A brief coverage of what a dollar is and why this specific one still matters. In fact a century commemoration one has been in the mint for 2021 specifically!
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The last true silver dollar, the Peace Dollar is emblematic of everything hard money (precious metal coinage) had to offer and where we went from there. Nowadays, one Peace Dollar goes for about fifteen or more bucks, and interestingly the Piece Of Eight, while not quite a Piece Of Sixteen I suppose, comes from the Spanish Milled Dollar, which is the dollar that got America to adopt a dollar as its standard.
Nowadays we go on our phones and tap a few buttons and money just flows by on its own. I saw in the update of Cash App that recently released that they added Bitcoin and investment wallets... once again tap some buttons and the money flows on. This is why hard money is such a fascinating concept to me-- what if silver did drop to a fifteenth of the price for whatever reason? After all, unlike gold, silver's a bit easier to measure the weight of value wise!
The wording is additionally indicative of that actual substance here. 'Dollar' comes from 'valley' it seems, and specifically means a piece of silver from a silver valley now in the Czech. The Spanish Milled Dollar took the name from that currency and the US borrowed from the Spanish Milled Dollar in turn. The Peace Dollar specifically is the last of its breed, to the point where it reads in God we trvst whereas the previous Morgan Dollar even has it as trust (being in lower case originally). When the US finally abandoned the silver standard (along with acid) in the sixties that spelled the end for not just the Peace Dollar, but all hard currency.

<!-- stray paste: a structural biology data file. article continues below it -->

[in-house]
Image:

Now what does all this mean? No matter what it comes down to the fact that you as a physical entity are given the option to remain in the world of one's materially based transactions (back in the day metal was just "the money"). Nothing's stopping you from putting all your eggs in one basket of course, I even saw a Palladium Double Eagle that's officially minted so there's that. All US coins were legal to use according to a Mint Act from that era, but whether obsolete coins hold up in practice isn't always so clearcut. Not that it matters-- in the event the economy were to crash and Bitcoin doesn't save the day, cutting up a few silver dollars a la Piece Of Eight style is entirely understandable.
Not that we have to go that far, just that -not- putting all my eggs in one virtual basket and instead living in the world of whatever threshold of forgotten hard money (once even found a silver dime in a train station hall junk pile) has served in part as a fair counter to this high tech, fast paced world of the twenty twenties. The point of hard money is the gold and silver standards are alive and well and the symbology of the Peace Dollar lends itself a bit further in fact, though, since beyond spelling of trvst we find it to be a wholly metaphorical layout.
Lady Liberty at front, eagle with the word peace under it for the reverse. No real life figures or any of that, only the classic original symbols our country's currency are known for. Fitting for our last era of circulated precious metal coins. The honor system was alive and well at the time, and the coins still exist in large quantities. Personally, I may hold on to a bit of both silver and gold in addition to whatever digital assets arise.
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In fact I came across this information after looking at a dollar bill that came right before the classic design. As you can see, instead of the classic pyramid and eagle, we have have the words "one dollar" simple as that. I pondered over what it was like back before the pyramid with the eye reigned over American public discourse about money. What it was like when the precious metals were still just, the money.... And so I asked myself, what does the word dollar actually mean?
And here we are.
Talk about whatever
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